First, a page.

The National Center for Evidence-Based Practice
in Communication Disorders
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Summary of Systematic Review

Speech and Language Therapy for Aphasia Following Stroke
Brady, M. C., Kelly, H., et al. (2012).
Cochrane Database of Systematic Reviews, 5, CD000425.

This review meets the criteria for a high-quality evidence-based systematic review.

Indicators of Review Quality:

The review states a clearly focused question or aim Yes
Criteria for inclusion of studies are provided Yes
Search strategy is described in sufficient detail for replication Yes
Included studies are assessed for study quality Yes
Quality assessments are reproducible Yes
Characteristics of the included studies are provided Yes

This is an update of an original systematic review by Greener et al. (1999) and subsequent review by Kelly et al. (2010) investigating the effects of speech language therapy intervention in adults with stroke-induced aphasia.

Question(s)/Aim(s) Addressed:

  1. Is speech and language treatment more effective than no speech and language treatment?

  2. Is speech and language treatment more effective than social support and stimulation?

  3. Is one speech and language treatment more effective than another speech and language treatment?

Adults with aphasia as a result of stroke.

Speech language therapy (SLT) designed to impact communication.

Number of Studies Included:
39 studies; including nine additional trials since 2010 review.

Years Included:
Up to July 2011


Aphasia Map

  • Treatment

    • General Findings

      • The authors found some evidence for the effectiveness of speech and language treatment to improve functional communication, as well as receptive and expressive language skills in individuals with stroke-induced aphasia. General findings are as follows:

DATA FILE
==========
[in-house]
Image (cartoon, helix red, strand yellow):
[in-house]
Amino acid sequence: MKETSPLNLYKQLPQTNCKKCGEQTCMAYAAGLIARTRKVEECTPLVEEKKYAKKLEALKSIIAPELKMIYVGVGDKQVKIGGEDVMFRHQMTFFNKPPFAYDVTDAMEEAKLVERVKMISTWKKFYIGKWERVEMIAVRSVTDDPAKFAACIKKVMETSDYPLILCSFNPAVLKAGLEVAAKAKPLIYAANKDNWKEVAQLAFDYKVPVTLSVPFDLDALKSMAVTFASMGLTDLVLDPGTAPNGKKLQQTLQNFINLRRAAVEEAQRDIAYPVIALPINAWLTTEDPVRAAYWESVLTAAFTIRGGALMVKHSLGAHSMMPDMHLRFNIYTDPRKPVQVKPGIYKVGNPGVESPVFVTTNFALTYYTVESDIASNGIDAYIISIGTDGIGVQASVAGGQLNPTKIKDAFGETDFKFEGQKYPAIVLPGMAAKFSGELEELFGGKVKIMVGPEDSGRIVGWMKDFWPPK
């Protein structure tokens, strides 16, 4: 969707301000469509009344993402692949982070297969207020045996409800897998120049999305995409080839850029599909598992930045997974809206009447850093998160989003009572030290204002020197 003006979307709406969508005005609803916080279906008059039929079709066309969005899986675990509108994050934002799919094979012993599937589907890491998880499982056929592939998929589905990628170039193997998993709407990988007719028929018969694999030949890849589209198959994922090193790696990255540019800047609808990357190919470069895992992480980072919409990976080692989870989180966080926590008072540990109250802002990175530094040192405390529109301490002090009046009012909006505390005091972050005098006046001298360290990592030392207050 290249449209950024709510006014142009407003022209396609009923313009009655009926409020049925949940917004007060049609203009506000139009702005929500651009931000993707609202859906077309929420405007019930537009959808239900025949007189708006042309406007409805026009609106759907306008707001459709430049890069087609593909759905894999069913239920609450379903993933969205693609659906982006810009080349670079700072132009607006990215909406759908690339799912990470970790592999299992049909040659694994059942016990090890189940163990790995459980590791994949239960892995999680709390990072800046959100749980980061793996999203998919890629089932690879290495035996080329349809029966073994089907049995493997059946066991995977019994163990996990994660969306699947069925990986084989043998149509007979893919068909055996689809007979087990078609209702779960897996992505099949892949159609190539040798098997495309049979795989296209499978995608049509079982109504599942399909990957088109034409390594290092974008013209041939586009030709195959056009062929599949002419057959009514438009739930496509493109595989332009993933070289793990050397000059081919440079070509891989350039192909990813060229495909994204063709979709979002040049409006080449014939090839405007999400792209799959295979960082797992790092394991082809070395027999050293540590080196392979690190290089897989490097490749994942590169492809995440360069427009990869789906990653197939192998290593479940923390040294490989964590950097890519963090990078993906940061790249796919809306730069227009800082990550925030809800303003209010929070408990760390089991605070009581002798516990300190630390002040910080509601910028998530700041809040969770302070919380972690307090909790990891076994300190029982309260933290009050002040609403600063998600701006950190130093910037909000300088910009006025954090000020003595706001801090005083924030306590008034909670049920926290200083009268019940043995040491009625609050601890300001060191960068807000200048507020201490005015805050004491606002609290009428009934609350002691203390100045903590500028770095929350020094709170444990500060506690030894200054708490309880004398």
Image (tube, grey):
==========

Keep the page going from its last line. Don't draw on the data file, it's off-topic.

• Nineteen studies comparing a variety of speech and language therapy [SLT] treatments (e.g., conventional SLT, computer-based treatment) to no treatment were found. The majority of included trials favored the provision of speech and language intervention over no treatment with significant differences reported in measures of functional communication as well as receptive and expressive language skills.

        • Limited evidence from seven studies suggests that individuals with aphasia may benefit from stimulation or social support to improve receptive and expressive language skills. However, the authors indicated that most of the data came from one small trial limiting the utility of the findings. Further research is warranted.

        • While 25 trials were found comparing two different types of speech and language intervention, the small number of participants and variety of treatments included, makes it difficult to draw any firm conclusions regarding the effectiveness of one treatment over another. Further research is needed.

  • Service Delivery

    • Dosage

      • Six trials investigated intensive versus conventional speech and language treatment. Preliminary results from one trail favored intensive treatment over conventional treatment to improve functional communication and writing skills.

      • No evidence of difference was found in receptive language skills.

    • Format

      • At the time of the review, insufficient evidence exists regarding the effects of group versus one-on-one treatment. No differences were found in measures of expressive and receptive language skills in three studies comparing group and individual speech and language treatment. 

      • Additionally, little evidence of any difference was found between computer-facilitated speech and language treatment versus one-on-one speech and language treatment.

    • Provider

      • No evidence of a difference was found in functional communication or receptive and expressive language skills with intervention provided by a speech-language pathologist versus intervention facilitated by a volunteer. 

      • The authors reported the findings to be "unsurprising as the volunteers providing the SLT [speech and language therapy] interventions were trained...given access to the relevant therapy materials and the plan for therapeutic interventions was developed by (or under the direction of) the professional therapist" (p. 35).

Sponsoring Body:
The Cochrane Collaboration; Nursing, Midwifery and Alllied Health Professions Research Unit (UK); Queen Margaret University, Edinburgh (UK); Chief Scientist Office Scotland (UK)

Aphasia, Stroke

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